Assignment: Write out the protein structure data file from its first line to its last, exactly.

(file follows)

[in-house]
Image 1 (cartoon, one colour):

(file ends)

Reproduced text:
[in-house]
Image 1 (cartoon, one colour):